Tuesday, August 28, 2012
In the Spirit of Dornford Yates
It took my sister, Susan, to remind me that although my mystery-thriller, The McHenry Inheritance, carries an inscription that it is written “In the spirit of Dornford Yates,” I have yet to write about him. Susan wanted to know who he was, so here goes.
The literary critic Cyril Connolly once wrote, “Sometimes, at great garden parties, literary luncheons, or in the quiet of an exclusive gunroom, a laugh rings out. The sad, formal faces for a moment relax and a smaller group is formed within the larger. They are the admirers of Dornford Yates, who have found out each other. We are badly organized, we know little about ourselves and next to nothing about our hero, but we appreciate fine writing when we come across it, and a wit that is ageless, united to a courtesy that is extinct.”
Dornford Yates was the pen name of Cecil William Mercer (1885-1960), a British lawyer, who took it from the birth surnames of his two grandmothers. In his twenties and thirties he wrote a series of high-society romance-comedies that were well received. After two decades of that, his writing took an abrupt turn.
Taking a Nap in the Wrong Place
In 1927 he wrote his first thriller, Blind Corner. It begins with young Richard Chandos, headed back to England after a stay in Biarritz, pulling off the road for lunch, taking a nap, and waking up to witness a murder. The dying man asks Chandos to take his Alsatian dog, and in the dog’s collar is the secret to a treasure concealed near an Austrian castle.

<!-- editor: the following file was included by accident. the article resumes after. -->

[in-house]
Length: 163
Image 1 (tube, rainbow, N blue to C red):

Chandos, along with his friends George Hanbury and Jonah Mansel, decide to follow the lead from the dog collar. In doing so, after considerable running about in the Austrian countryside, they encounter the murderer of the dog’s owner and a vicious gang, led by a man with an unusual name, intent on claiming the treasure for itself. As the book’s dust jacket says, “What started out as a high-spirited jaunt (turns) into a desperate battle for survival.”
I dedicated my book to the spirit of Yates because it features a well-heeled young man on a holiday who stumbles across a murder, encounters a menacing gang, led by a man with an unusual name, and does a considerable amount of running around in the High Sierra countryside. I wouldn’t push the similarity any farther than that, other than to say that there is a literary tradition within the mystery/suspense genre on which my book draws.
She Fell Among Thieves
My discovery of Yates occurred at a bookstore in London in March 1990. At the time he was out of print in America, but Perennial Books subsequently reissued a few of his titles here. His thrillers, as well as some of his comedy-romances are available on Amazon and Kindle.
If you’re inclined to give him a try, my recommendation would be to start with She Fell Among Thieves. It has his best villain, a diabolical woman named Vanity Fair, a great story, and lush descriptions of the French Pyrenees (where Yates lived for a number of years) that will make you want to whip out your iPhone and book a flight.
A word of caution if you go that route (reading Yates, not traveling to the Pyrenees): His politics are a bit, how shall we say this, reactionary, and some of the social attitudes are cringingly out of date. Those things are a small part of his books and, in my view, a small price to pay for the good stories and good writing they deliver.